Every year I plant something new that I’ve never grown before.  This year, it is an herb called fenugreek. 

        Fenugreek does triple duty – it is both a culinary and medicinal herb, and as a nitrogen-fixer, it improves the soil as well. 

        It is thought that fenugreek was first cultivated in the near East, India and North Africa, and it is commonly used in south and central Asian cuisine.  I have to admit that I’ve never tasted fenugreek but I am looking forward to trying its young leaves in salad or dried for tea, and its seeds when the plants mature.  The taste is described as a combination of maple syrup and celery.  I can’t imagine how those flavors combine!

        Fenugreek is a quick-growing annual heb that germinates in just a few days from rather large seeds placed ¼ to ½ inch deep and 6-8” apart in full sun.  Spaced closer together, fenugreek is useful as a ground cover under slower growing crops.  Water regularly to keep the soil moist, but not so much that it is waterlogged. 

        The leaves are similar to those of clover and the flowers are reminiscent of pea blossoms.  Plants can grow to about 2’ tall.   Periodic pinching off the top third of mature stems encourages branching growth.  If you aren’t intent on saving seed, continuous pruning of the top 6” encourages more growth and prevents flowering and seed production.

        You can plant fenugreek in containers as well.  It is shallow-rooted so the container need be only 6-8” deep.  Place seeds 1-2 inches apart atop the potting soil and cover with an additional ¼” of soil. 

        Young leaves are good mixed with other greens in salads.  They can be harvested just 20-30 days after sowing.  They will keep for a week if they are removed from the stems, wrapped in paper towels and placed in an airtight container in the refrigerator.  Even with regular cutting, eventually the plants will bolt and produce pretty flowers and then seeds.  The leaves then become tough and bitter.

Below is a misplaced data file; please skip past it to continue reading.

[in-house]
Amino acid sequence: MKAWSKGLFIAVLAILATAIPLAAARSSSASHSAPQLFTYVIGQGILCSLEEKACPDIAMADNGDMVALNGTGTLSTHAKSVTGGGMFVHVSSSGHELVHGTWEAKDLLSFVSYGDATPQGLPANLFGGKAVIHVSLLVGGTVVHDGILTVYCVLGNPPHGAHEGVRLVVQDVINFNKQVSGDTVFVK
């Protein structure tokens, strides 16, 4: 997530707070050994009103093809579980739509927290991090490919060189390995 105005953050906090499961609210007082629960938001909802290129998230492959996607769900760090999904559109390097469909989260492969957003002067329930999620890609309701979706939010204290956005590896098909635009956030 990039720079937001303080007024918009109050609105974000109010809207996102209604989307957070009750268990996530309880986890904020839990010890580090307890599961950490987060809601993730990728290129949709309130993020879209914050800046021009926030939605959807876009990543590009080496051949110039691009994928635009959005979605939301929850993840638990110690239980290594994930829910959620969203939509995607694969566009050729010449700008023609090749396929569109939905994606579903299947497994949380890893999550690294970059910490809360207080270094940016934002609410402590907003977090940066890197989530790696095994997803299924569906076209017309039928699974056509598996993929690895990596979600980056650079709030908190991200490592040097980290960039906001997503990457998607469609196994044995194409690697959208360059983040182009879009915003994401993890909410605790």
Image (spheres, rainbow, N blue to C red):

Fresh leaves can be frozen by removing them from the stems, roughly chopping them, wrapping them in foil, and placing the foil packets inside a zip freezer bag. 

        Leaves can be dried by tying the stems in bundles and hanging them upside down in a dark, dry spot, or use a dehydrator of warm oven.   Once dried, remove leaves from the stems and store them in a glass jar in a dark cabinet.  Dried leaves are used for cooking and tea.

        Seeds are harvested when the plant turns yellow and begins to dry out and die.  The seeds develop inside pods which hold from 10=20 seeds each.  Snap the pods off at the stem, being careful not to tear them open or seeds will scatter.  Break open the pods over a large bowl so seeds are contained when they fall. 

        Just like the leaves, there are multiple uses for the seeds.  To use them as a spice, dry roast them on the stove top over medium high heat for one to two minutes, stirring constantly.  Over-roasting will cause them to taste extremely bitter. 

        If you want to go the distance and grind the seeds into fenugreek powder for cooking, there are a few steps.  First, soak the seeds in water overnight.  Drain and pat dry with a paper towel or let air dry.  Heat a pan over medium heat, add the seeds and dry roast and stir until their color deepens.  Let cool and use a spice or coffee grinder to powder the seeds.   Dried or powdered seeds will keep for a year in an airtight container.

        Finally, seeds can be sprouted on the countertop in a mason jar.  It’s best to include fenugreek seeds with a mix of other sprouting seeds because the sprouts are slightly bitter.

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